The gunman behind at least one of the mosque shootings in New Zealand that left 49 people dead on Friday tried to make a few things clear in the manifesto he left behind: He is a 28-year-old Australian white nationalist who hates immigrants. He was set off by attacks in Europe that were perpetrated by Muslims. He wanted revenge, and he wanted to create fear.
He also, quite clearly, wanted attention.
Though he claimed not to covet fame, the gunman – whose name was not immediately released by police – left behind a 74-page document posted on social media under the name Brenton Tarrant in which he said he hoped to survive the attack to better spread his ideas in the media.
And though he portrayed himself in his writings as quiet and introverted, he livestreamed to the world his assault on the worshippers at Christchurch’s Al Noor Mosque.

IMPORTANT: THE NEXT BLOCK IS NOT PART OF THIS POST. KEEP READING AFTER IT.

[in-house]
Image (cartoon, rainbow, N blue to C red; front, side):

That attack killed at least 41 people, while an assault on a second mosque in the city not long after killed several more. Police did not say whether the same person was responsible for both shootings.
While his manifesto and video were an obvious and contemptuous ploy for infamy, they do contain important clues for a public trying to understand why anyone would target dozens of innocent people who were simply spending an afternoon engaged in prayer.
There could be no more perplexing a setting for a mass slaughter than New Zealand, a nation so placid and so isolated from the mass shootings that plague the US that even police officers rarely carry guns.
Yet the gunman himself highlighted New Zealand’s remoteness as a reason he chose it. He wrote that an attack in New Zealand would show that no place on earth was safe and that even a country as far away as New Zealand is subject to mass immigration.